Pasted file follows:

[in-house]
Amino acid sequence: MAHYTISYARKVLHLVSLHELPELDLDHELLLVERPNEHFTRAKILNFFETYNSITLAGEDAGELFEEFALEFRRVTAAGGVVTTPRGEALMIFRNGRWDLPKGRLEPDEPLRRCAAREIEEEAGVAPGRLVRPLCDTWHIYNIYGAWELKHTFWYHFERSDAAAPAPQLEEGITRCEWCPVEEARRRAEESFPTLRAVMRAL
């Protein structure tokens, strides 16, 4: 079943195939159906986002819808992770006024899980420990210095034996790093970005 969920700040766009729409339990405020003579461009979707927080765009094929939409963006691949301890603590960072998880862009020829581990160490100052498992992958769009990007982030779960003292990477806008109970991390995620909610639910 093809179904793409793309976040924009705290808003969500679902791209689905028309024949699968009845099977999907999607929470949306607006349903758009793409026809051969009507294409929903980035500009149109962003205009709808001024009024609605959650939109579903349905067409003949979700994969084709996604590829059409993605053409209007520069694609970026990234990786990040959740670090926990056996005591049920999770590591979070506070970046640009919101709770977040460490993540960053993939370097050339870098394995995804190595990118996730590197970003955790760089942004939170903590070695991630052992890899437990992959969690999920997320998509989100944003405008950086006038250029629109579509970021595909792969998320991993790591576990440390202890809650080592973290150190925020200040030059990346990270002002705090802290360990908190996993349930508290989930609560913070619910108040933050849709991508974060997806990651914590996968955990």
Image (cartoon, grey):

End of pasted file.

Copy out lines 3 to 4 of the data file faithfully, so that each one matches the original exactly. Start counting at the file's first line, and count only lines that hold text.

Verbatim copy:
């Protein structure tokens, strides 16, 4: 079943195939159906986002819808992770006024899980420990210095034996790093970005 969920700040766009729409339990405020003579461009979707927080765009094929939409963006691949301890603590960072998880862009020829581990160490100052498992992958769009990007982030779960003292990477806008109970991390995620909610639910 093809179904793409793309976040924009705290808003969500679902791209689905028309024949699968009845099977999907999607929470949306607006349903758009793409026809051969009507294409929903980035500009149109962003205009709808001024009024609605959650939109579903349905067409003949979700994969084709996604590829059409993605053409209007520069694609970026990234990786990040959740670090926990056996005591049920999770590591979070506070970046640009919101709770977040460490993540960053993939370097050339870098394995995804190595990118996730590197970003955790760089942004939170903590070695991630052992890899437990992959969690999920997320998509989100944003405008950086006038250029629109579509970021595909792969998320991993790591576990440390202890809650080592973290150190925020200040030059990346990270002002705090802290360990908190996993349930508290989930609560913070619910108040933050849709991508974060997806990651914590996968955990």
Image (cartoon, grey):